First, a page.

WARNING Kite flying can be dangerous and can result in serious injury including paralysis and death. You are responsible for your own safety and the safety of others around you when using this product. This product has NOT been designed or certified to allow you to fly or jump into the air. Never use this kite or any Prism product to jump, fly (paraglide) or pull you into the air as you will seriously increase the risk of serious injury, paralysis or death. This product has not been designed for use on water; it does not have the safety systems or flotation necessary for safe operation on water. Do not use this equipment to pull yourself on or through water as you will seriously increase the risk of serious injury or drowning. This kite is designed for experienced pilots only. If you are not specifically experienced with power kiting we strongly advise learning the basics from a qualified instructor or school. Never use this product in high winds over 18mph/30kph. Do not underestimate the power of your kite and if you are not sure of the conditions do not risk flying. Never fly with people downwind of you. A loose kite can seriously injure or kill innocent bystanders; never use this kite in a crowded area and never leave your kite unattended. Never allow yourself or anyone else to get between the control bar/handles and the kite when using this product. To avoid cuts or abrasions, never grab the strained lines during flight. Under no circumstance should you anchor yourself to the kite or a fixed object when flying.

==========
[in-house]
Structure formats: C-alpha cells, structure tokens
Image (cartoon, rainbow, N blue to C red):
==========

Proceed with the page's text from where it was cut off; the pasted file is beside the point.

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Never use lines whose length, breaking strength or other characteristics are not appropriate to control the kite. Lines can wear easily and you are responsible for inspecting and replacing lines regularly, even under normal use. Flying your kite with twists in the lines creates friction which weakens the lines. A line that breaks under tension can cause serious injury, paralysis or death. We strongly recommend wearing a helmet, gloves, shoes, protective eyewear and pads when using this product. Never let anyone fly this kite before making them read and understand the manual and these warnings. If you sell or give away this kite at a later date you MUST pass on this manual with the kite. This kite is equipped with safety systems to de-power the wing in an emergency or dangerous situation. However these systems are not automatic; they are passive and need to be deployed by the user. Read the manual carefully BEFORE use to fully understand the safety systems. Always pre-flight and test your safety systems before every use; they could save your life in an emergency. Always check your lines and all parts of this product for damage before and after use. If damaged, you must replace the part in question before use. Not suitable for children under 12 years of age. Older children should only use the kite after extensive instruction and under constant supervision by an adult. Any liability claim resulting from use of this product towards the manufacturer, distributor or dealers is excluded.